A Very Modern Church

Jubilee Church, Tor Tre Treste

Jubilee Church, Tor Tre Treste

A Very Modern Church

Henry James contemplates the empty shell of Christianity

Take a trip to Rome and travel outside the city walls, far from the splendour of the Vatican and the beauty of the Trevi Fountain, beyond all of the medieval street patterns and squares, and you may encounter the underwhelming church of Tor Tre Treste.

Tor Tre Treste is not, to put it as kindly as possible, an area of Rome likely to inspire a second visit. A sprawl of high rise apartments and industrial buildings and warehouses, Treste sprang up in the middle of the 20th century, and ireflects the laziness and philistinism that characterised much urban planning in the middle of the 20th century. But in this nondescript location the lost tourist will find the Church of God the Merciful Father, known informally as the ‘Jubilee Church’ – for it was completed in 2003 to mark the ‘Great Jubilee’ of Roman Catholicism two years previously.

Designed by fashionable architect Richard Meier, the church is a construction of white concrete, notable for its distinct ‘shells’. These shells, three in total, are each taller than the last, and according to the website of the architect, symbolise the Holy Trinity. A reflecting pool is apparently intended to remind the viewer of the ‘role played by water in the sacrament of Baptism’. While the shells do provide a veneer of elegance the rest of the structure appears as a jumble of plate glass and odd rectangles jutting into the blue Italian sky.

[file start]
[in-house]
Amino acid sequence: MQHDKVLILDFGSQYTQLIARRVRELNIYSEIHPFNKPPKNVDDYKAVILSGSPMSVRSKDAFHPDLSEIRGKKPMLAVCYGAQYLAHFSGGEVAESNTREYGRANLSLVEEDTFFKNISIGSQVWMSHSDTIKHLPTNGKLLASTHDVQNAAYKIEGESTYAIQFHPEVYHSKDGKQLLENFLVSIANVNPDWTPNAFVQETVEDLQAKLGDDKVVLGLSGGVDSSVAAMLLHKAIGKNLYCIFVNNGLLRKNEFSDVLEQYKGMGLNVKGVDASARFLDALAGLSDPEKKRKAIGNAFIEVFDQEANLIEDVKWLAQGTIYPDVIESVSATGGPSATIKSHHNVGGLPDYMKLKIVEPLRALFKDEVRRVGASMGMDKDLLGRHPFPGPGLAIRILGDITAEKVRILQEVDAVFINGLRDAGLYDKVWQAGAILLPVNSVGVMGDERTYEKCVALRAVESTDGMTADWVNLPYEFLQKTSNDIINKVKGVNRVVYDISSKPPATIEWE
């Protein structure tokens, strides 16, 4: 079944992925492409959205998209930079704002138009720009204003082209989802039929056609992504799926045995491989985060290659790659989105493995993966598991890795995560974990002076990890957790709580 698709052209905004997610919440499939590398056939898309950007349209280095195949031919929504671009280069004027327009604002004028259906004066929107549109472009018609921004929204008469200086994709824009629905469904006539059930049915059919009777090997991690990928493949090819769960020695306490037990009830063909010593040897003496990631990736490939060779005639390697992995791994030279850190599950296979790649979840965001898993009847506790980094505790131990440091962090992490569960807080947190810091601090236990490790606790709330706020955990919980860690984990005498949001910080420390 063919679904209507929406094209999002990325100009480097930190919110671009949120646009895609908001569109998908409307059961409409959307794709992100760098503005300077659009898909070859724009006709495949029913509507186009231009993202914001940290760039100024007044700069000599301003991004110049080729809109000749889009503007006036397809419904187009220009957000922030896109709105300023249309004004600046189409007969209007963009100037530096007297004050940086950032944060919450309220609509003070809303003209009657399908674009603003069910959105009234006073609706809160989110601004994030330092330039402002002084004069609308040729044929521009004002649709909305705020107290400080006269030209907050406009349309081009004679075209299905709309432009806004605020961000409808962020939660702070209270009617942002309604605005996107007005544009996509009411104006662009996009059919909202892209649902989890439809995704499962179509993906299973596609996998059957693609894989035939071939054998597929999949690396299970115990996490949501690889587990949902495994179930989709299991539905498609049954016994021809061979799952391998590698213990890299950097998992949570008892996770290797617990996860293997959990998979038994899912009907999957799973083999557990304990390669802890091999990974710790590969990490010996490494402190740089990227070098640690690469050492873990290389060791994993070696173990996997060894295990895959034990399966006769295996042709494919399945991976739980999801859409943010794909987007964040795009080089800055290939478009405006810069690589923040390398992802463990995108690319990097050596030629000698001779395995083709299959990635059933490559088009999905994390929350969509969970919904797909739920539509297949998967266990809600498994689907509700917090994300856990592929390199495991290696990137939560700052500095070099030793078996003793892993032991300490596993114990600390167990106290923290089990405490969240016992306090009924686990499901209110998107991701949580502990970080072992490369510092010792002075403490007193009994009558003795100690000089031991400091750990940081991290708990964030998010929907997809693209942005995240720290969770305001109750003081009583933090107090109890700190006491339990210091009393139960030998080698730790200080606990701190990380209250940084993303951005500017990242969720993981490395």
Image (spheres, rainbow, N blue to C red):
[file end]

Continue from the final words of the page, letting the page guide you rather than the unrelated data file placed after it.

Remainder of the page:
In seeing this church you are left with no sense of awe or majesty or even spirituality. The church could just as easily be a conference centre for corporate events, a modern art museum, or perhaps if it were moved to a tropical island, the lair of a James Bond villain. It is a stark contrast to the churches found in the centre of Rome. No matter your beliefs, a visit to one of these older churches is an almost ethereal experience. You are transported from the bustle of the street to somewhere quieter and much more sublime. Whether it is the abundance of the candles, the simple beauty of the altar, or the marble statues – each feature seems made to provoke the feeling that there is something else out there, the mystic, the transcendental. Well, maybe I am overselling it a little. But whatever you want to call it, you are more likely to find it in these places than Tor Tre Treste.

This writer is a dyed-in-the-wool agnostic. I am hardly likely to be found in confession and my only real experience of religion has been Methodist Sunday school as a young child. Still, I am aware that the church is supposed to be the ‘House of God’. So if this is the case, shouldn’t said house be beautiful or inspiring? Ought it to attract rather than repel? If the church really is the House of God, then why saddle God with an ugly house? St Peter’s Basilica, with its rich exteriors and interiors, surely best encapsulates the spirituality a church is supposed to evoke. The Jubilee Church of Meier pales in comparison. St Peter’s uplifts those who approach it. Meier’s creation is a concrete mess that, if anything, will put you off going inside. The distinctive shells are like a veil the rest of the building uses to hide its shame to the outside world.